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The Daily Wildcat

The Daily Wildcat

 

Mars probe lands safely; UA camera set

JAKE LACEY

Richard Leis, from operations downlink for HiRISE on the Mars Reconnaissance Orbiter.  Kupier Space Science Center held a viewing party for the orbital insertion of the HiRes camera onboard a mars probe.
Jake Lacey
JAKE LACEY Richard Leis, from operations downlink for HiRISE on the Mars Reconnaissance Orbiter. Kupier Space Science Center held a viewing party for the orbital insertion of the HiRes camera onboard a mars probe.

UA scientists and astronomy enthusiasts cheered as the Mars Reconnaissance Orbiter and the UA-built HiRISE camera successfully entered Martian orbit March 10.

More than 100 people were in attendance at the Mars Watch party in the Space Sciences building to witness the simultaneous eruption in applause coming from the High-Resolution Image Science Experiment team and live feed from NASA ground control.

This week is important for the HiRISE team and the UA community, as the orbiter will return its first photographs of the Martian soil.

The orbiter will snap nine pictures as it flies by the Red Planet and gradually closes in to a circular orbit, said HiRISE team leader Alfred McEwen.

After the MRO’s successful orbital insertion, the probe will elliptically spiral toward Mars in a stable, polar orbit, after which the real imaging will begin, McEwen said.

“”May your orbit be reduced until a circle is induced,”” said McEwen, reading a good-luck poem by a team of European scientists.

During this time, the HiRISE camera will enter a 6-month hibernation state and no pictures will be taken, McEwen said.

“”It won’t be until next fall (that) the real deluge of information hits,”” McEwen said.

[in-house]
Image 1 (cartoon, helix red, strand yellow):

The first two years of the mission will see a staggering 34 terabytes of data returned from the orbiter – enough information to fill 6,500 CDs or 1,000 DVDs, McEwen said.

Each pixel of the telescopic camera is capable of seeing 25 square centimeters of the planet’s surface, said Eric Eliason, HiRISE operations manager.

This unprecedented resolution will yield images that show 75 square miles at one time and aid scientists in determining possible landing sites for future missions, including next year’s launch of the UA-headed Phoenix mission.

“”One of our main duties is to make sure those areas are safe for landing,”” Eliason said.

Another goal of the MRO will be to look for traces of water on the Martian surface, McEwen said.

“”If humans get to Mars, water will be the most valuable resource in space,”” McEwen said.

Eliason said he anticipates the imaging will shed light on the trace of Martian water.

“”We’ll look for evidence of water,”” Eliason said. “”It would be fascinating to find water seeps. There’s hope that there might be springs.””

The water seep would have to be tens of meters in diameter for it to be identified by the camera, Eliason said.

Other scientific instruments aboard the HiRISE, such as the shallow radar and the spectrometer, will aid in the identification of any water traces.

While in orbit, the MRO will also scan for crash sites of failed Mars missions such as the Mars Polar Lander and the European Space Agency’s Beagle 2 probe.

“”We will be looking for fallen comrades,”” McEwen said.

Eliason said there is a desire to discover the final resting place of previous missions, but such a search would take away from the scientific objectives of the mission.

“”We have plans to do that imaging, but it’s kind of like looking for a needle in a haystack,”” Eliason said.

Many students were on hand to witness the successful orbital insertion of the Mars probe.

“”I’m always a sucker for this NASA stuff,”” said Amy Winkler, an optical sciences graduate student. “”Whenever a project like this takes years and years and they pull it together, it’s really exciting.””

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